- Associated Press - Thursday, March 27, 2014

COLUMBIA, S.C. (AP) - Former Attorney General Henry McMaster filed paperwork Thursday to run for lieutenant governor, four years after his unsuccessful bid for governor. He said he has the experience needed for the state’s No. 2 post.

With McMaster in the race, the primary with the highest-profile candidates will be for a part-time job that pays $46,500. The GOP primary now features two well-known political names and a retired Charleston County developer who has already loaned his campaign $250,000. No primary is expected in the governor’s race.

All three candidates have ties to Gov. Nikki Haley, who is seeking a second term in a rematch against Sen. Vincent Sheheen, D-Camden. Haley continues to say she’s staying out of the lieutenant governor’s race, which will be the state’s last because in 2018, gubernatorial candidates will pick their running mates.

Still, candidates are touting a team approach.

“The relationship we have is an asset. We agree on the issues,” McMaster said of Haley: If both are elected, “we’ll make a great team.”

McMaster, 66, has been a close ally to Haley since losing to her in a four-way primary in 2010. The two-term attorney general and state GOP chairman had been the front-runner until Haley surged ahead late in the campaign. He then endorsed her in the primary runoff and campaigned with her.

Mike Campbell, 45, is the younger son of the popular late Gov. Carroll Campbell. At a bill signing last month, Haley praised the two-term governor as an amazing and visionary leader whom she “will always try to make proud.” Surrounded by the Campbell family, she asked Mike Campbell to speak.

Pat McKinney, who helped develop Kiawah Island, is a Haley donor and, like McMaster, a Haley appointee to the State Ports Authority. McKinney also sits on the board of her nonprofit, the Original Six Foundation. Both he and McMaster were on the transition team for then Gov.-elect Haley.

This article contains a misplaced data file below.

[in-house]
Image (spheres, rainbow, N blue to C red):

McKinney, 64, was the first to announce his candidacy last fall, before Republican Lt. Gov. Glenn McConnell decided not to seek election. It is McKinney’s first run for political office.

“I don’t think we need to wait four more years to get a more cooperative spirit” between the state’s top two posts, he told The Associated Press last October.

A fourth GOP candidate with no ties to Haley is Ray Moore, a retired Army chaplain whose platform includes encouraging parents to take their children out of public schools for Christian or home schooling. He filed Tuesday for the job.

McMaster said his work as attorney general and former U.S. attorney for South Carolina, from 1981-85, gives him the knowledge needed to fulfill the lieutenant governor’s two main duties: presiding over the state Senate and overseeing the Office on Aging.

“I know how the legislative process works and the law works and how the budgets work,” he said.

Like Campell, McMaster said he wants to continue McConnell’s outstanding work in advocating for senior issues. In a joint session on Wednesday, McConnell urged legislators to prepare for the oncoming “gray tsunami,” as the state’s senior population is expected to double in 15 years to nearly 2 million.

“We’ve got to get ready for that,” McMaster said, adding he also wants to play a role in economic development. “These next four years will be critical to this state. Now that we’re finally coming out of the Great Recession, the next four years will be like a rocket.”

Both Campbell and McMaster have previously run for lieutenant governor. Campbell lost a primary runoff eight years ago against then-Lt. Gov. Andre Bauer. McMaster ran unsuccessfully in 1990, four years after losing his bid to unseat Democratic U.S. Sen. Ernest “Fritz” Hollings.

Filing continues through Sunday.

The only Democrat to announce for lieutenant governor is four-term state Rep. Bakari Sellers, of Denmark. His father, Cleveland Sellers, was the only man imprisoned - and later pardoned - for the 1968 civil rights protest known as the Orangeburg Massacre.

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